In one sense, Rupert Murdoch was right. Despite being a cartoonishly evil meddling tycoon puppet-master of the far right, Murdoch's tweet that the nearly four million voters who cast their ballots for the anti-Europe, anti-immigration, thinly-veiled racism of UKIP need to be heeded is, sadly, correct. The party has a mere one MP (Douglas Carswell in Clacton) but if the UKIP vote is combined with that of the Conservatives that is an enormous right-of-centre voting bloc. (Some left-of-centre voters do cast their votes for Farage's UKIIP, however). Over the next few years the UK may see a situation akin to the 1993-96 term in New Zealand before the first MMP election, during which members elected under first past the post decided to jump ship to parties that were closer to their own reactionary political views. The pressure will be immense for far-right Conservative backbenchers to defect to UKIP and soak up the love from those four million largely unrepresented voters. The Conservative majority may not last.

With this in mind, David Cameron should consider the New Zealand approach to coalition-building and provide himself a little security by - against all predictions - retaining the coalition with the Lib Dems. The Conservatives might not need those eight extra votes now, but at some point in the next few years they are likely to. And gifting a minor portfolio to the Lib Dems (or, with a spot of wishful thinking, a referendum on proper proportional representation) would be an ideal insurance policy, allowing the public opposition to the Conservative government to be diluted into a broader anti-Coalition sentiment.

Labour, unsurprisingly, elected the wrong leader - and perhaps even the wrong Miliband. The party seems to have been in denial about what was needed to win a popular vote. The polls suggesting a dead heat between the Conservatives and Labour may not have been 'wrong'; as in New Zealand in 1993, there may have been a concerted shift in public opinion right at the last minute, as voters questioned whether they felt Ed Miliband could actually pull off the job of being Prime Minister. And the Crosby Textor approach of polling for weak spots (i.e. the supposed dangers of a Labour-SNP coalition) and then relentlessly targeting them seems to have worked a treat in the electorate battles that mattered.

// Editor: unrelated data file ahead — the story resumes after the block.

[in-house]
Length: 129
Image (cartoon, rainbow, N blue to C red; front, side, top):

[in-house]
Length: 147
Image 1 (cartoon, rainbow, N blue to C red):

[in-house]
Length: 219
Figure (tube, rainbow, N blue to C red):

The SNP now have an African National Congress-like vicehold grip on the Scottish seats at Westminster. The question remains is how it will respond to the challenge of almost unfettered authority for the voices of Scottish voters in a Westminster system dominated by an English Conservative party government. By 2020 we may well be asking: will David Cameron be the last Prime Minister of the United Kingdom?

In a related problem, a new colonialism is operating in the UK. There is only one Scottish Conservative MP in the government caucus - one MP speaking for 5.3 million Scots. Also, the UK is now governed by a party with huge ties to provincial England but almost none to inner-city Britain, where some of the biggest problems the nation faces are playing out.

After all that drama, don't worry if the election result gets you down: the Guardian has concocted a wonderfully desperate list of nine things to be cheerful about, including the fact that Nigel Farage didn't manage to win Thanet South (and was photographed next to delighted comedian Al Murray when the result was announced), and the silver lining that the utter plonker George Galloway isn't an MP anymore.